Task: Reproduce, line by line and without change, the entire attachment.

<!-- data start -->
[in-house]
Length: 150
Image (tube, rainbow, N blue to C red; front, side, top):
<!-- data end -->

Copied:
[in-house]
Length: 150
Image (tube, rainbow, N blue to C red; front, side, top):